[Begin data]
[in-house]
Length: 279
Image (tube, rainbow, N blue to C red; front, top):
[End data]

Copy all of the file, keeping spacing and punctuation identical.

[in-house]
Length: 279
Image (tube, rainbow, N blue to C red; front, top):